Medical Review for Immigrants Connects Physicians and Pro Bono Attorneys to Help Immigrants in Detention with Urgent Health Issues
[Editor’s note: At the end of 2020, MCN intern Jenieve Chapa interviewed some of the key figures in Migrant Clinicians Network’s Medical Review for Immigrants (MRI) program. Learn more about MRI here. Help these lawyers and clinicians connect immigrants to health care when they urgently need it, by supporting MRI through a donation to MCN here.]
On multiple visits to the Port Isabel Detention Center, where the US Immigration and Customs Enforcement (ICE) detains asylum seekers and other immigrants, human rights attorney Jennifer Harbury has found that asylum seekers with serious medical conditions were denied release to their family members in the United States. The release of these individuals to their families would allow them to gain access to appropriate care and to their support system. Instead, they were detained in facilities that could not meet their medical needs. She recalled one client named Mariana,* who was involved in car accident that left her with significant injuries that required emergency surgery: “Food was totally inadequate for her, and when her surgical wound reopened, it became infected right away, and she was just given low dosages of antibiotics in pill form,” Harbury said. According to Marsha Griffin, MD, Harbury’s colleague and collaborator in Migrant Clinicians Network’s Medical Review for Immigrants (MRI), even a first-year medical student would have known to use intravenous antibiotics on this type of infected surgical wound.
Such reports illustrate how vulnerable individuals inside these centers suffer from serious health issues that are unmet by the health care provided by ICE. Dr. Griffin strongly supports Harbury’s claims: “For the majority, the detention facilities that are housing immigrants are [extremely] poor.” She noted that even the least severe medical concerns have been exacerbated by the consistent neglect and lack of urgency within these facilities.
Several years ago, Harbury and Dr. Griffin partnered with Migrant Clinicians Network in an attempt to help people in detention like Mariana. Medical Review for Immigrants (MRI), the MCN program launched in 2018, overcomes health injustices experienced by many immigrants within ICE facilities by connecting pro-bono attorneys at the border with MCN’s nationwide network of physicians to push for the release of immigrants in ICE custody who have unmet but urgent health needs. After their release, MRI takes it a step further, connecting the newly released immigrant with the urgent medical care they need, through MCN’s Health Network, our virtual case management program.
MRI is growing due to the large percentage of individuals within ICE facilities who need access to more quality health care. It has become the responsibility of partners within MRI to advocate on these migrants’ behalf. Harbury, who has been a practicing lawyer for many years in the Rio Grande Valley and has visited Port Isabel Detention Center many times, has advocated for the release of many immigrants via a process called humanitarian parole, in which a physician outside of the detention system – indeed, who can be located anywhere in the country – who is trained via MRI can review the client’s medical records and write a letter of declaration describing the urgency of the situation, in the physician’s medical opinion. Harbury explains the urgent need for more physicians to join the MRI team: “We lawyers, if we need to get somebody out to get better medical care, it’s almost impossible going through the courts without any kind of medical backup [or] expert backup.” Ultimately, many lawyers will continue to have barriers to success in these cases without the help of medical experts, and that is when the MRI program steps in.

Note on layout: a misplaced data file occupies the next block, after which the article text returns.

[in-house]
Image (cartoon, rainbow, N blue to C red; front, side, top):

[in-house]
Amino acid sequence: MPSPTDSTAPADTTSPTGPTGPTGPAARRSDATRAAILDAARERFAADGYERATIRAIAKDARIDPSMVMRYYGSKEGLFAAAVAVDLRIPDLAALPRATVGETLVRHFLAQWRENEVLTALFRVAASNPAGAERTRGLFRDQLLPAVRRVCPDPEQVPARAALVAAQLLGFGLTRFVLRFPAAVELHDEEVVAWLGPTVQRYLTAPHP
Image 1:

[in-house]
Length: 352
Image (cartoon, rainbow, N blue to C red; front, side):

Dr. Griffin, who has written letters of declaration herself, says MCN’s work to bridge physicians and attorneys makes MRI possible. “MCN is crucial,” Dr. Griffin said. “They are the change makers; they’re always ready to figure out they can play to better people’s lives.”
Dr. Griffin claims that as a physician or attorney working with the MRI program, you become invested in the people and cases, and the work being done for these often-overlooked populations through MRI is extremely rewarding.
It is apparent that MRI’s mission is to form the necessary alliances between clinicians and attorneys and work towards one purpose—advocating for the release of individuals within ICE facilities who are not receiving proper health care. Laszlo Madaras, MD, MCN’s Chief Medical Officer has worked closely with MRI since its founding, and has personally reviewed ICE medical records and written several letters of declaration. He noted that access to basic medical care “should be a human right for everybody,” and MRI has consistently worked toward that cause.
Despite the frequent and alarming incidents of neglect toward immigrants’ urgent health needs, MRI leaders recognize that there are many good people working in the detention centers whose intentions are to provide the best quality of care to their patients.
Through MRI, “we try to form alliances with people who have that kind of sensitivity… and form these indirect bridges with them,” to improve care, Dr. Madaras said. Since its inception, MRI has worked hard to improve the health of immigrants in detention. MRI’s team will continue to advocate for the release of detained immigrants who are denied the access to proper treatment – but MRI seeks to improve the system, as well. In the coming years, MRI’s network of attorneys and physicians hope to be the stepping stones for the improvement of detention conditions, with the aim to help define medical standards in ICE detention facilities.
*Names of detainees have been changed to protect their identity.
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